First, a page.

The other day, I was asked how a producer can best determine cost. The question was posed in a dairy industry setting. However, it is also appropriate for the grain and row-crop sectors, which appear to be heading for an economic reset, post the great commodity super cycle. Knowing your cost of production is essential to operating a sustainable business. Therefore, the ability to determine your cost is extremely important.
Determining cost of production requires a good foundation of financial records. First, separate business and family living expenses into two separate, cash budgets. Even if both personal and business expenses pull from the same source of revenue, it is important to calculate how much money is going to which place. Likewise, if there are separate sources of revenue, record that accordingly. These numbers will serve as your foundation for all other business evaluations.
Projected cash flow is a simple but often overlooked, tool used to determine cost. In our dairy farm and creamery businesses, we develop a cash flow on a spreadsheet with five scenarios consisting of our best estimates. Next, we use variance analysis, which is a comparison of projected cash flow to actual cash flow, to monitor business performance. We will highlight areas of deviation, both positive and negative, and provide a bulleted explanation of each variance. In some cases, it may be a macro event such as, a reduction in fuel costs, which causes the deviation. In other instances, a deviation may be caused by an internal mismanagement, like loss of a market or failure to secure a contract.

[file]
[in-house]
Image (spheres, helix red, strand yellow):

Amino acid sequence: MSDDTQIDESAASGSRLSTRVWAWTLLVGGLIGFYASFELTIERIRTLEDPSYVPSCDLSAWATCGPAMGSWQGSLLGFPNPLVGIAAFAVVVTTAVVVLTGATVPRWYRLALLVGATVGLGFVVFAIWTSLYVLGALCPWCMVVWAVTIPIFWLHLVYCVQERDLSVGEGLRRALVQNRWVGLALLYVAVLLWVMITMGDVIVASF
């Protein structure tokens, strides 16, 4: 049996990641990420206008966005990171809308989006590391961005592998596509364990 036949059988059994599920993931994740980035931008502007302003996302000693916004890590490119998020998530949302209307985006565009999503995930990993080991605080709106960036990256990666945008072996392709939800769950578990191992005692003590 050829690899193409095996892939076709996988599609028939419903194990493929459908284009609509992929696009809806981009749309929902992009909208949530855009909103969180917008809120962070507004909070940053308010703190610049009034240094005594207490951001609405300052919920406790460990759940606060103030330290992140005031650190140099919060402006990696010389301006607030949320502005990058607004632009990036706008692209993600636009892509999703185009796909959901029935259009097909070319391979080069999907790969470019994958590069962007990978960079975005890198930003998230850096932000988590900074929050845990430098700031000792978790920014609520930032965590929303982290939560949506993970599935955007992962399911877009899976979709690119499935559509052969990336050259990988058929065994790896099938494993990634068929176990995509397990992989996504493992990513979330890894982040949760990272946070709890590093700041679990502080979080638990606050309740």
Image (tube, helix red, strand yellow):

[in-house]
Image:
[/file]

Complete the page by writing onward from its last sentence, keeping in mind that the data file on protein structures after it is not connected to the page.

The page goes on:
Another valuable tool is to benchmark your business performance against past years. In the grain industry, this may be a disappointment for some coming off the great commodity super cycle that took place from 2007 to 2012. Additionally, compare your business to other operations similar in size and commodities. In comparison, you may find that you are performing quite well or perhaps, have areas that can be improved. In any case, a performance record can be quite useful.
Next, focus on the larger four to five expenses for your operation. For a grain operation, those expenses may be seed, crop protectants, rent and repairs. Whereas if you are livestock oriented, larger costs may be feed and labor. This year and into 2016 may be a surprising time for some landlords as many producers will not continue to pay high cash rents. The art of negotiation will be critical in controlling cash rent costs. All assets must be evaluated in order to accurately determine productivity. Such assets may include land, machinery, equipment, and yes, even human assets must be evaluated. Shedding unproductive assets is an essential part of controlling cost.
Finally, sometimes an outside perspective or another set of eyes on the financials can be invaluable. This can be a hard tool to use as finances are sometimes viewed as private. Regardless, be careful not to allow your vanity to interfere with a successful, sustainable business.
In summary, to accurately determine your cost of production, you must have good information. Know your expenses and revenue. Efficiency requires evaluation of all assets and costs. Use available resources such as, comparison tools or financial managers, to help you determine your level of performance. Knowing your cost of production not only allows you to operate a sustainable business, it will help you improve your business to succeed in any economic environment.